This temperature will also kill the plants and bacteria on the planet -- assuming they had a way to raise the temperature equally given we have large bodies of water that will constrain local temperatures to 100 degrees Celcius until they boil away.

It seems odd that humans are lethal pathogens to planet eaters, and not goats, cattle, leaves. Unless it is our intelligence and tenacious drive to survive that makes us dangerous. SO, maybe consider alien phages that swarm the planet-devouring those pesky virulent pathogens. Sort of like the planet-eaters immune system cleanses the planet before it eats it.

• It is our intelligence and tenacious drive that makes us dangerous, you got that right straight away. Except the Earth is basically an egg for my monster so the same way we don't send phages to kill bacteria they wouldn't do that. There would be a huge immune system response if a monster was to eat an uncooked Earth but I'm not looking for was with this world. Just cooking! – Halhex Jun 14 '19 at 1:04
• Cell death occurs at way lower temperatures. 43 Celsius will kill an adult in minutes to hours if not treated fast. – Renan Jun 14 '19 at 2:22
• The thing is, sweating works by evaporative cooling so humans can push their body temperature below the ambient temperature. As long as a human has a supply of water, they can survive high ambient temperatures that exceed their metabolic limits for quite some time. (see: saunas) – detuur Jun 14 '19 at 10:48
• @detuur: That assumes the dew point stays significantly below human body temp. If the oceans are warmed by 17 degrees Celsius per year, we'll be pumping enough water into the air to end evaporative cooling as a solution within a year or so. – ShadowRanger Jun 15 '19 at 13:26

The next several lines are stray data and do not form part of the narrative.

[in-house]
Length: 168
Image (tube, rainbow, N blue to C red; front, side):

No temperature is feasible.

This is because by the time the Earth becomes fully uninhabitable at the rate of heating stated by the OP, humans could build rockets to escape the Earth and colonize the other stellar bodies in the Solar system. This would potentially include the planet-eating monsters, and it might include any other stellar bodies that the planet-eaters have decided not to eat (e.g. possibly including asteroids or comets).

Potentially quite large rockets, too, since it's entirely possible that the Nuclear Test Ban Treaty will be torn up to facilitate the development of Orion Drive-style nuclear pulse rockets, which could carry 6000 tons to the moon and back on one tank of fuel using 1960s technology.

Additionally, while the temperature outside might rapidly become uninhabitable, it's entirely possible for humanity to build large climate-controlled structures to live in while this construction work is underway, along with hostile environment suits to let them walk around in temperatures that would otherwise kill them.

• You think we could move a measurable portion of the population off Earth in the (generously estimated) four years we'd have to plan and execute it? The '60s space race barely got a man on the Moon after more than twice as long with enormous funding (rocket tech doubles as ICBM tech after all), & there was zero chance of them being able to stay. Our rocketry capabilities are, if anything, worse now than they were then (e.g. the U.S. can't launch a human beyond Earth orbit right now). Redeveloping them with no farms & all tropical launch sites literally above the boiling point is impossible. – ShadowRanger Jun 14 '19 at 20:11
• With wartime economic controls and all the restrictions against the use of nuclear weapons as rocket fuel removed? Yes, I do. 6000 tons to the moon and back on one tank of fuel- that’s the equivalent of an entire Saturn 5 rocket or a small container ship as cargo. – nick012000 Jun 15 '19 at 0:00